With a press conference and a ribbon-cutting ceremony, the Cobb County Sheriff’s Office officially kicked off its program of providing 24-hour mental health services for detainees at the Cobb County Adult Detention Center.
The program will be operated by Wellpath, and will include an onsite psychiatrist during the day, along with psychiatric nurses and licensed practical nurses to provide 24-hour coverage for the program.
Sheriff Craig Owens announced that the program is the first among Georgia jails, and he hopes that it can become a model for other sheriff’s offices and detention centers.
Cobb County Superior Court Chief Judge Robert Leonard said that the program would dovetail with Cobb County’s Accountability Courts, which also have an orientation to mental health and substance abuse treatment.
“I don’t think it’s really a surprise to probably anybody in this room that our jails, for a number of different reasons, have become the largest providers of mental health services around. And so that’s not an ideal situation …” he said.
“There are a number of downstream benefits that I think that this county will receive from this program, and specifically, that the court will get from it,” he said.
“Number one, I think it’s going to position people to be better situated when they arrived in court,” Leonard said. “Right now most of the time, I don’t even know that there’s a mental health issue until the case is already on my active calendar.”
He said at that stage the realization that a mental health issue is involved can result in months of delay.
“Number two, I think it’s going to increase everybody’s likelihood for success,” he said. “At some point, these folks are going to get out of jail, maybe getting a bond,” he said.
Lastly, he said, the program can work with the court to identify eligible candidates for the Accountability Courts.
“We’ve got several different accountability courts that dovetail nicely with this, including our Mental Health Court, which has been recognized as a model for the State of Georgia and our Veterans Court and our Drug Treatment Court,” he said.
“So our Accountability Court judges stand ready to step in and get our teams ready to snap those cases up once those are identified at an earlier stage,” Leonard said. “Those are the benefits I think we’ll see.”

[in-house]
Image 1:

Cobb County Manager Jackie McMorris expressed support for the program on behalf of the Cobb Board of Commissioners and BOC Chairwoman Lisa Cupid.
“Regardless of who you are and your circumstance, mental health affects all of us in some way or the other,” McMorris said. “It stigmatizes our community, and we can do better.”
She said the program will provide a positive impact on family members who have been affected by diagnosis or misdiagnosis of mental health issues.
She said the county looked forward to the program making a true difference in the lives of the detainees, and “hopefully reduce recidivism.”
State Representative David Wilkerson (HD-38) said “You have people working in our jail that may not make as much as you think they do.”
“And they’re dealing with some tough situations. So this is gonna provide them the tools that they need, because they can’t do both, they can’t be a mental health professional and do the job,” he said. “This will give them those tools. And so I just want to say, hopefully, we’ll be able to take this, and the legislation will kick in some money.”
He said he hoped the program could be implemented across all Georgia counties.
Wellpath President Kip Hallman said, “I’m so proud to be partnering with Sheriff Owens.”
“You are taking a very important innovative step in dealing with this very challenging issue,” he said. “We serve some 300 agencies around the country and mental health is the biggest issue in all of them.”
“Our job is to take care of a very vulnerable population, in very challenging clinical environments,” he said. “It’s what we do. And we see it from the ground, we understand the challenges.”
“And in some places around the country, people are beginning to do very important work. This is at the top of that list. So you’re to be commended for this, thank you for making this important decision,” Hallman said.
Greg Smith, Wellpath’s Vice President of Mental Health said, “Our jails across this country have become surrogate psychiatric hospitals. The needs are absolutely immense.”
Donna Carter, Wellpath’s Southeast Regional Director of Mental Health Services, gave an overview of how the program would work.
“As you have heard, jails are now the new psychiatric hospital,” she said. “We have now a clinical team of licensed clinicians that will be providing the care for those patients.”
“We also have a full-time discharge planner that will be working along with the team to make sure those patients are getting handed back into the community, making sure that they’re getting the proper care not only while they’re here, but able to connect when they’re in the community.”
“We also have a full-time psychiatric team,” she said. “So we have three psychiatric providers that will be here full-time seven days a week, that we’ll be able to provide care for our patients as well to make sure that they’re getting the type of not only diagnosing and treating but medication management, or whatever assistance they may need from a team of medical providers.”